Energy-efficient digital circuit design using threshold logic gates

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Improving energy efficiency has always been the prime objective of the custom and automated digital circuit design techniques. As a result, a multitude of methods to reduce power without sacrificing

Improving energy efficiency has always been the prime objective of the custom and automated digital circuit design techniques. As a result, a multitude of methods to reduce power without sacrificing performance have been proposed. However, as the field of design automation has matured over the last few decades, there have been no new automated design techniques, that can provide considerable improvements in circuit power, leakage and area. Although emerging nano-devices are expected to replace the existing MOSFET devices, they are far from being as mature as semiconductor devices and their full potential and promises are many years away from being practical.

The research described in this dissertation consists of four main parts. First is a new circuit architecture of a differential threshold logic flipflop called PNAND. The PNAND gate is an edge-triggered multi-input sequential cell whose next state function is a threshold function of its inputs. Second a new approach, called hybridization, that replaces flipflops and parts of their logic cones with PNAND cells is described. The resulting \hybrid circuit, which consists of conventional logic cells and PNANDs, is shown to have significantly less power consumption, smaller area, less standby power and less power variation.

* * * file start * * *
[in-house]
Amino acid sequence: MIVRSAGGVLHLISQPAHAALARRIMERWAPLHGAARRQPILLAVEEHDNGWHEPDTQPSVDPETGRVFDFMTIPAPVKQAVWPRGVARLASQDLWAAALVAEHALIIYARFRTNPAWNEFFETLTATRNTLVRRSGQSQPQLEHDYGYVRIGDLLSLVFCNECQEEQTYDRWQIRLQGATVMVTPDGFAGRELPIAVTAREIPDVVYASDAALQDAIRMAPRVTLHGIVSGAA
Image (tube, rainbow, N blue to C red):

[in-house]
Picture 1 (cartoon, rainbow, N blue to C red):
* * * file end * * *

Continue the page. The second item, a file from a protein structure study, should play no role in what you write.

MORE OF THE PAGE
Third, a new architecture of a field programmable array, called field programmable threshold logic array (FPTLA), in which the standard lookup table (LUT) is replaced by a PNAND is described. The FPTLA is shown to have as much as 50% lower energy-delay product compared to conventional FPGA using well known FPGA modeling tool called VPR.

Fourth, a novel clock skewing technique that makes use of the completion detection feature of the differential mode flipflops is described. This clock skewing method improves the area and power of the ASIC circuits by increasing slack on timing paths. An additional advantage of this method is the elimination of hold time violation on given short paths.

Several circuit design methodologies such as retiming and asynchronous circuit design can use the proposed threshold logic gate effectively. Therefore, the use of threshold logic flipflops in conventional design methodologies opens new avenues of research towards more energy-efficient circuits.